EPROM or Erasable Programmable Read Only Memory is rewritable memory chip that can hold its data without power. A programmed EPROM can keep its data for up to twenty years and can be read indefinite number of times. An Israeli engineer, Dov Frohman invented the EPROM chip in 1971. EPROM chips are embedded on an external programming device before being used on the circuit board.
The EPROM chip requires a costly ceramic chip package with a small quartz window that is sheltered with opaque, sticky tape. For reprogramming, the chip is extracted from the circuit board, the tape is detached and it is placed below a concentrated ultraviolet (UV) light of wavelength 235nm light for approximately 20 minutes. Some microcontrollers, before the era of EEPROMs and flash memory, used EPROM to store their program. Such microcontrollers include some versions of the Intel 8048, and the "C" edition of the PIC microcontroller.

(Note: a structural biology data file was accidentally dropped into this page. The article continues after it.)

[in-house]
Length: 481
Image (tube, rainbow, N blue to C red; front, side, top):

Similar to EPROM chips, such microcontrollers came in windowed (expensive) versions that were handy for debugging and program development. Leaving the die of such a chip exposed to sunlight can change its behavior in unexpected ways. EPROMs come in several sizes with regard to both packaging and storage capacity.
Parts of the same type of EPROM from different manufacturers are intercompatible as long as they're only being read, there are subtle differences in the programming process. Most EPROMs can be identified by the programmer by forcing 12V on pin A9 and reading the two bytes of data. However, programmer software would allow manual setting of the chip to ensure proper programming.
EPROMs are the forerunners of the modern EEPROMs and flash memory.
John Cicero has authored articles such as EPROM, EEPROM, and Flash Memory for The Tech FAQ.